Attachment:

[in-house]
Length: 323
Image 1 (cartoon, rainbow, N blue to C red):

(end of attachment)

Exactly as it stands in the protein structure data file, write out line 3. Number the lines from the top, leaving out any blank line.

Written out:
Image 1 (cartoon, rainbow, N blue to C red):